Pinpointing a solution

Drug manufacturers would be remiss to jump to conclusions based on these strengths and weaknesses. Before deciding on a solution, they must assess product demands, process requirements, and practitioner and patient needs when selecting a material. Here are three examples in which the intended use of a drug and the filling process are examined and, via a holistic approach, the right solution is determined.

Schott TopPac polymer syringes for Highly Viscous Drugs (HVD)

Schott TopPac polymer syringes for Highly Viscous Drugs (HVD)

The first example is the anticoagulant heparin. This is often a self-administered drug, so patient safety and easy integration with safety devices must be considered. As a result, a glass solution continues to be the best option for heparin packaging. An indication of its stability is that glass has been used to house heparin for more than two decades without any major drug and packaging interactions. Additionally, manufacturers can work with multiple suppliers to fulfill their syringe demand and ensure easy regulatory pathways for drug approval.

For dermal fillers (hyaluronic acid), the end-user assessment is quite different. Dermal fillers are used in cosmetic applications to reduce wrinkles, and are often highly viscous substances. For that reason, these substances require packaging design flexibility that allows a consistent gliding force.

Polymer is often used in dermal filler packaging because it is more break-resistant than glass, and can be manufactured for specific sizes, inner diameters, and finger flange designs while maintaining tight tolerances during production. Polymer syringes also feature an integrated Luer lock that prevents leakage, breakage and needle pop-off.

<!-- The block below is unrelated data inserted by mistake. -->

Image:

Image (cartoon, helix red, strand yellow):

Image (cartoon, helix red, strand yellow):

Drug stability

Finally, stability is critical for biotech drugs. While both polymer and glass offer long-term drug stability for biopharma-ceuticals, the material choice is driven by the type of drug and intended use. Glass offers enhanced functionality for end users and streamlined filling on the manufacturing line. And glass glass is well known and accepted by various regulatory authorities as a packaging solution for biotech drugs; yet polymer offers advantages for packaging, including design flexibility, tighter tolerances, and superior break resistance with a better fit in autoinjectors. For biotech applications, the intended use must be assessed before deciding between glass or polymer.

Weighing up the benefits

Drug manufacturers must consider drug-container interactions, machinability, and regulatory compliance when selecting the right material for their PFS application. A decision that ignores these facts can prove harmful to patients. But most important, drug developers must weigh the intended use and needs of patients. These considerations include the PFS’s functionality, drug safety, and ultimately patient comfort.

SCHOTT TopPac polymer syringes for Highly Viscous Drugs (HVD)